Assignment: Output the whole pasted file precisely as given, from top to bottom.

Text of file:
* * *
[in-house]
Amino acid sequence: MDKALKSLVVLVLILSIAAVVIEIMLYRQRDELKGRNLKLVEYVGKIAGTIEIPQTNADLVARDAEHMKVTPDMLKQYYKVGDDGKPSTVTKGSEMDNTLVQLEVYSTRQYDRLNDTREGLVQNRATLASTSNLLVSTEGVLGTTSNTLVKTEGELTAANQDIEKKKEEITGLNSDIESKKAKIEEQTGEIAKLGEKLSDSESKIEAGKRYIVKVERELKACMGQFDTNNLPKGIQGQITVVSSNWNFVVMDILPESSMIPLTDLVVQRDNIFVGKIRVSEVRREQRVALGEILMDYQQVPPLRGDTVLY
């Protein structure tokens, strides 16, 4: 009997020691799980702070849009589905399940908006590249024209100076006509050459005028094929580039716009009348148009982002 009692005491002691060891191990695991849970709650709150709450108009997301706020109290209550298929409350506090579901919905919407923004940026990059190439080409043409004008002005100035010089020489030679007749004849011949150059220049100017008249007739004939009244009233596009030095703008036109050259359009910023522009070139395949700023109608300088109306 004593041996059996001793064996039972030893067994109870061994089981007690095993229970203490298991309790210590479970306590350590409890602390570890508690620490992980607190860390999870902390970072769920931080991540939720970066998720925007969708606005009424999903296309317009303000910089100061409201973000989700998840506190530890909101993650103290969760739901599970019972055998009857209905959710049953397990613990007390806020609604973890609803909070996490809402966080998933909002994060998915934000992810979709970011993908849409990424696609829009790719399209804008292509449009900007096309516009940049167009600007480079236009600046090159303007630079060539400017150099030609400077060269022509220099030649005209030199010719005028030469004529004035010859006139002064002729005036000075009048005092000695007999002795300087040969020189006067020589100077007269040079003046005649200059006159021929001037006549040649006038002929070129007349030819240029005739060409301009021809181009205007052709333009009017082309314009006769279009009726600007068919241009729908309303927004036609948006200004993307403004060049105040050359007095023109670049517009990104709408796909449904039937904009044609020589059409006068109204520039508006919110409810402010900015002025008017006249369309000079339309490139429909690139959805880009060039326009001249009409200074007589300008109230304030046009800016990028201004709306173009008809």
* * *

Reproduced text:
[in-house]
Amino acid sequence: MDKALKSLVVLVLILSIAAVVIEIMLYRQRDELKGRNLKLVEYVGKIAGTIEIPQTNADLVARDAEHMKVTPDMLKQYYKVGDDGKPSTVTKGSEMDNTLVQLEVYSTRQYDRLNDTREGLVQNRATLASTSNLLVSTEGVLGTTSNTLVKTEGELTAANQDIEKKKEEITGLNSDIESKKAKIEEQTGEIAKLGEKLSDSESKIEAGKRYIVKVERELKACMGQFDTNNLPKGIQGQITVVSSNWNFVVMDILPESSMIPLTDLVVQRDNIFVGKIRVSEVRREQRVALGEILMDYQQVPPLRGDTVLY
């Protein structure tokens, strides 16, 4: 009997020691799980702070849009589905399940908006590249024209100076006509050459005028094929580039716009009348148009982002 009692005491002691060891191990695991849970709650709150709450108009997301706020109290209550298929409350506090579901919905919407923004940026990059190439080409043409004008002005100035010089020489030679007749004849011949150059220049100017008249007739004939009244009233596009030095703008036109050259359009910023522009070139395949700023109608300088109306 004593041996059996001793064996039972030893067994109870061994089981007690095993229970203490298991309790210590479970306590350590409890602390570890508690620490992980607190860390999870902390970072769920931080991540939720970066998720925007969708606005009424999903296309317009303000910089100061409201973000989700998840506190530890909101993650103290969760739901599970019972055998009857209905959710049953397990613990007390806020609604973890609803909070996490809402966080998933909002994060998915934000992810979709970011993908849409990424696609829009790719399209804008292509449009900007096309516009940049167009600007480079236009600046090159303007630079060539400017150099030609400077060269022509220099030649005209030199010719005028030469004529004035010859006139002064002729005036000075009048005092000695007999002795300087040969020189006067020589100077007269040079003046005649200059006159021929001037006549040649006038002929070129007349030819240029005739060409301009021809181009205007052709333009009017082309314009006769279009009726600007068919241009729908309303927004036609948006200004993307403004060049105040050359007095023109670049517009990104709408796909449904039937904009044609020589059409006068109204520039508006919110409810402010900015002025008017006249369309000079339309490139429909690139959805880009060039326009001249009409200074007589300008109230304030046009800016990028201004709306173009008809």